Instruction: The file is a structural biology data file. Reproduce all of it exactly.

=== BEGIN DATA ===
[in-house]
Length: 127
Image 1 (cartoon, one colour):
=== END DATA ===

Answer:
[in-house]
Length: 127
Image 1 (cartoon, one colour):